By Matt Brennan | Thompson on Hollywood! June 13, 2013 at 1:44PM
3. Realism Is Not Reality
The movies subsumed under the "mumblecore" label do themselves few favors on this count. Collectively, their aesthetic and narrative choices aspire to a level of realism nearly indistinguishable from the real.
But most recent "What's Wrong With Millennials?" stories pay little heed to the distinction, offering along with questionable scientific data a host of anecdotal evidence seemingly plucked from the annals of "mumblecore." However improvisational, collaborative, or low-fi, these films are fictions. Their imagery is purposeful -- an idea of youthful ennui rather than the thing itself. To put it simply, we do not all spend the day lolling in bed like 19th-century invalids.
4. We Didn't Anoint "Mumblecore" the Voice of Our Generation. You Did.
As Amy Taubin recognized, "the flurry of festival hype and blogosphere branding" that ushered "mumblecore" into the public square distracted observers of the phenomenon from a key piece of data: the box office numbers. In the age of the Internet long tail, theatrical receipts are an imperfect barometer of popularity, but the failure of even the most successful "mumblecore" feature -- Lynn Shelton's "Humpday" (2009), which grossed about $400,000 -- to become a breakout hit is striking.
Money is not synonymous with quality. (My favorite film in the "mumblecore" universe, and possibly the most influential single movie of this century so far, is Bujalski's 2002 debut, "Funny Ha Ha." It grossed $77,000.) But in making a claim for the movement's influence on the Millennial generation, it would do to investigate whether the Millennial generation is actually watching. By and large, it seems that we are not.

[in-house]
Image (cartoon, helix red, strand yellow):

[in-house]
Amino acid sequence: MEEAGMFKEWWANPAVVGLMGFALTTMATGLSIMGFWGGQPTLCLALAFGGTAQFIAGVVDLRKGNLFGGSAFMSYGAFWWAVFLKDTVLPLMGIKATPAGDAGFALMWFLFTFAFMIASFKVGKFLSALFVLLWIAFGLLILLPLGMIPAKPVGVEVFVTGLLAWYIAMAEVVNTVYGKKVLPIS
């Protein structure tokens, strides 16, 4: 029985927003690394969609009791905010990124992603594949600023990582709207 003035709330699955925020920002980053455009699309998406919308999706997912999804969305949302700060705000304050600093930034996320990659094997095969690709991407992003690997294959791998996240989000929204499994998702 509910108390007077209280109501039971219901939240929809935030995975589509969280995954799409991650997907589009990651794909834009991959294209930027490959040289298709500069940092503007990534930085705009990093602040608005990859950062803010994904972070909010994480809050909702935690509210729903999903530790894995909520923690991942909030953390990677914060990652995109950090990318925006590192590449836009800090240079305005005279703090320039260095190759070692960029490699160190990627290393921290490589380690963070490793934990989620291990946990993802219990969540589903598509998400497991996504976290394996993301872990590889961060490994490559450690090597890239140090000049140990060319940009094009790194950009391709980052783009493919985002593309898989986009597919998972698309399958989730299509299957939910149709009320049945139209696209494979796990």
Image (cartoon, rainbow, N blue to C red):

5. We're Not So Different From You, After All
Noah Baumbach and Greta Gerwig's latest collaboration, the sleek, winsome "Frances Ha" (now in theaters), is only a kissing cousin to "mumblecore." It draws equal inspiration from the French New Wave and Woody Allen's classic pair of New York love stories, "Annie Hall" (1977) and "Manhattan" (1979). Indeed, the film's allusions to the cinema's more distant past provide a potent reminder that the frightening, joyous experience of being young, single, and bohemian, as in Truffaut's World War I-era "Jules et Jim" (1962), has not changed as much as some commentators would like us to think.
"Frances Ha," better than any "Milennials" essay you're likely to read, suggests that seeing "mumblecore" or "Millennials" as more self-absorbed, difficult, or directionless than their respective forebears is a problem of perspective. The film successfully crystallizes modern almost-adulthood because it refuses to make Frances the voice of her generation. Like Hannah Horvath in "Girls," Frances is only "a voice of a generation," and that's just fine.